ANNA MARIA MORA
“Whether you are brown, lonely, golden or
black, young Man, construct the day of companions, and
raise the world your fathers did not make.
There are no worlds to conquer, but worlds
Call for Builders and Breakers – Sir Derek Walcott
On my way home one afternoon last week, I was listening to a radio talk show host, who was giving feedback on statements being made that nothing had been done or is being done for Laventille. He questioned: “How people could say so?”
He went on to itemise the things that have been done for Laventille. These “facts” were itemised. Per capita, Laventille has more government and denominational schools than anywhere in this country; he went on to the Spree Simon Industrial School; the spanking new Olympic-size swimming pool; Laventille Nights that were held and the various vocational programmes that are being run in the area. He continued to question: “How dey could say dat?”
I had to take off the radio because I had to be mindful of the fact that I was driving. There was a traffic jam with stop-and-go traffic and I definitely had to be in the moment or else I might have run in to the back of the car that was in front of me.
I keep repeating that it is not possible to change behaviour by building fancy buildings and telling people to behave themselves, or to run yuh run. If we insist on building buildings we must also insist on building character.
I learned in my teacher-training about the importance of bringing students to a state of readiness before attempting to teach them anything. Learning readiness has as its foundation culture (the way of life of the student); personal values, physical and emotional health; and of course past experiences. Walcott writes in his poem Laventille:
…We climbed where lank electric
lines and tension cables linked its raw brick
hovels like a complex feud,
where the inheritors of the middle passage stewed,
five to a room, still clamped below their hatch,
breeding like felonies,
whose lives revolve round prison, graveyards, church.
Below bent breadfruit trees
In the flat, coloured city, class
escalated into structures still,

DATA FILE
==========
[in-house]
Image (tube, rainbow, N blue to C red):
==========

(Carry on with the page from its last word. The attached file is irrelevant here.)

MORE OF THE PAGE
merchant, middlemen, magistrate, knight. To go downhill
from here was to ascend.
The Middle passage never guessed its end.
This is the height of poverty
For the desperate and the black;
The Castaway and Other Poems (1965)
That’s 55 years between 1965 and 2020. How yuh feel? There is also a statement that is attributed to Buddha Siddhartha Gautama and the Theophists, which speaks to this state of readiness: “When the student is ready, the teacher will appear.”
Preparation for learning is so important if we are to engage students in the classroom. For the teacher to make a difference in the eyes of a student, there is so much about that student which must be understood before real teaching and learning begins.
For any helping person who wants to make a difference in a child’s life, the first step is to build rapport. Get to know your student, or the person you want to help. This takes time. If the teacher’s focus is completing the curriculum by a certain time, then psycho-social support systems must be put in place to assist teachers. This is not their role. These support systems must be accessible. There must be no six-month wait for service.
…we dare a laugh,
Ritual, desperate words,
born like these children from habitual wombs,
from lives fixed in the unalterable groove
of grinding poverty. I stand out on a balcony
and watch the sun pave its flat, golden path
Something inside is laid wide like a wound,
some open passage that has cleft the brain,
some deep amnesiac blow. We left
somewhere a life we never found.
This entire poem Laventille by Walcott can be the foundation of an entire school curriculum: History, literature, sociology, English language, art, and discussions on “Where do we go from here?”
Geography, poetry, creative writing and so much more. Walcott asks:
Which of us cares to walk
even if God wished
those retching waters where our souls were fished
for this new world?
Anna Maria Mora is a counselling psychologist